Russell Lee, the other photographer who died on this date, is so well known that his Farm Security Administration (FSA) photographic documentation project needs no recount here. His Hands of Mrs. Andrew Ostermeyer, wife of a homesteader, Miller Township, Woodbury County, Iowa, of 1936 also came two years after Ulmann’s study of this Depression-era Georgia family, but it is shot made hand-held with the much more mobile medium of 35mm film. It was printed full-frame horizontal for the show (below, left), but cropped to a vertical for the catalogue (below right).
The other photograph (above) that Lee contributed to The Family of Man is from his extensive survey for the United States Department of the Interior (DOI), in 1946 and 1947, of communities involved in mining bituminous coal; over 4,000 photographs of miners and their working conditions in coal mines which assisted the agency compile to a medical welfare report. It represents one instance where medium format can yield a candid image; Lee has deliberately taken so long get his press camera with roll-film back fitted onto a tripod and ready for shooting that all but one of the children—the youngest, a girl— have lost interest and returned to their conversation, allowing the photographer to pick his moment.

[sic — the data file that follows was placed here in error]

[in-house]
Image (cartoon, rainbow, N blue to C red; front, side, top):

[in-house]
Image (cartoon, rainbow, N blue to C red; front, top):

Looking at it on the Library of Congress site his one can detect, from the film rebate left showing, that image of miners’ kids on a porch was shot on Ansco Superpan Safety Press Film which was available in 4×5 sheets and 120 format rolls.
Superpan Press was a film then considered so fast, forgiving and with so much latitude that its manufacturers felt comfortable marketing it to boy scouts! The advertisement appears in this Christmas edition of Boy’s Life, published only six months after Russell Lee took his photograph, in which boy scouts deliver presents to gleeful injured WW2 servicemen recovering in hospital.
Boy scout photographers who could afford $US1.60 a roll ($20.68 in 2018) were clearly more prosperous than their West Virginia cousins on the porch of their coal mine company house.
Louis Faurer deserves more attention for photography that approached Robert Frank‘s in immediacy as the Swiss/American photographer admitted himself, rather belatedly, in a Japanese magazine in 1994;
Faurer, with these images proves to be an extraordinary artist. His eye is on the pulse of New York City – the lovely Times-Square people – for whom Faurer felt a deep sympathy. Every photograph is witness to the compassion and obsession accompanying his life like a shadow. I am happy that these images survive while the world keeps changing.